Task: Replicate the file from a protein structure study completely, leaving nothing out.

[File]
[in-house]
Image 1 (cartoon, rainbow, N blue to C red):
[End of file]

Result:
[in-house]
Image 1 (cartoon, rainbow, N blue to C red):